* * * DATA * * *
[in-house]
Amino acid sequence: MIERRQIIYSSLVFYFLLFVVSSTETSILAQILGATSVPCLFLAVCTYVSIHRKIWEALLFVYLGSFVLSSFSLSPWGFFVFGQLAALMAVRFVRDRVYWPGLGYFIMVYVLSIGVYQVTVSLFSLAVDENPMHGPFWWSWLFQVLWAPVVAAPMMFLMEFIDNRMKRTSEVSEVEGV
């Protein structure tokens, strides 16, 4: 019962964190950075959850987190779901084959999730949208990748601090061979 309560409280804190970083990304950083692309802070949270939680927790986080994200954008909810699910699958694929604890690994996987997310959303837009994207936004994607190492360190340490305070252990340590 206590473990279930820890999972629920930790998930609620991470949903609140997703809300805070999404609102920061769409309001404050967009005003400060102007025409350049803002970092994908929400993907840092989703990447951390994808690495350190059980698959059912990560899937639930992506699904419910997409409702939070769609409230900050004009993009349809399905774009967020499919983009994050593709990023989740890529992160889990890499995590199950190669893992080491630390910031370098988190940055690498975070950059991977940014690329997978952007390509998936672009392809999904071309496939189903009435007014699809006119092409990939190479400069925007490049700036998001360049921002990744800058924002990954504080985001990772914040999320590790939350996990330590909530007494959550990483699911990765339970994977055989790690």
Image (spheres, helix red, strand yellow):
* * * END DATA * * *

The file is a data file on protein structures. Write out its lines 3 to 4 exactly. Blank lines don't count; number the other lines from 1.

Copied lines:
């Protein structure tokens, strides 16, 4: 019962964190950075959850987190779901084959999730949208990748601090061979 309560409280804190970083990304950083692309802070949270939680927790986080994200954008909810699910699958694929604890690994996987997310959303837009994207936004994607190492360190340490305070252990340590 206590473990279930820890999972629920930790998930609620991470949903609140997703809300805070999404609102920061769409309001404050967009005003400060102007025409350049803002970092994908929400993907840092989703990447951390994808690495350190059980698959059912990560899937639930992506699904419910997409409702939070769609409230900050004009993009349809399905774009967020499919983009994050593709990023989740890529992160889990890499995590199950190669893992080491630390910031370098988190940055690498975070950059991977940014690329997978952007390509998936672009392809999904071309496939189903009435007014699809006119092409990939190479400069925007490049700036998001360049921002990744800058924002990954504080985001990772914040999320590790939350996990330590909530007494959550990483699911990765339970994977055989790690």
Image (spheres, helix red, strand yellow):